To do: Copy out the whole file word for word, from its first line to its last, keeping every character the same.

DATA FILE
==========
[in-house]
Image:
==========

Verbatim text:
[in-house]
Image: